The Uganda government has hired French firm Artelia Eau & Environment to complete the supervision of construction works at one of its flagship hydropower dams, the 183MW Isimba at a cost of $4 million over the remaining seven months of the project.
The World Bank-backed Artelia will work in association with local firm KKATT Consult Ltd, taking over from Indian consultant Energy Infratech Pvt Ltd, whose contract expired last September and was not renewed after a series of errors at both Isimba and Karuma projects.
Government utility firm Uganda Electricity Generation Company Ltd (UEGCL) had said the errors could compromise the structural integrity of the projects if left unrectified.
Just last month, the UEGCL cited quality control issues in concrete mix, design and lining of the tunnel as fresh areas for concern at the 600MW Karuma hydropower project, while at Isimba, there were cracks that caused a leakage, leading to flooding in the powerhouse and destroying the coffer dam.
UEGCL chief executive officer Harrison Mutikanga said the flooding was due to inadequate quality assurance and control on site.
The project is expected to be completed by the end of August. “Isimba is 75 per cent complete. We are on target to complete it come end of August 2018,” said Mr Mutikanga.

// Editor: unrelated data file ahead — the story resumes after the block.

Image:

The latest Auditor General’s report of December 2017 had noted that Energy Infratech was still on site at Isimba more than four months since its 40-month contract expired.
The Auditor General John Muwanga notes that Energy Infratech lacked capacity and experienced personnel to supervise the works, which resulted in “poor concrete quality on site, cracking, cold joints, honey-combing and failed concrete repairs” which may lead to high maintenance costs for the project in the future.
Mr Mutikanga referred us to the Minister of Energy on the Indian firm’s status but our efforts to obtain comment from Energy Minister Irene Muloni were unsuccessful.
Artelia has global experience in supervising design and construction works for large hydropower projects, such as the World Bank-funded 80MW Rusumo hydropower dam on River Kagera, a tripartite project between Rwanda, Tanzania and Burundi; Inga Dam 1 and II in the Democratic Republic of Congo, Bagatelle in Mauritius, Felou in Mali, New Fulaidj in Oman, Nam Ngun III/IV in Laos and Delsi in Ecuador.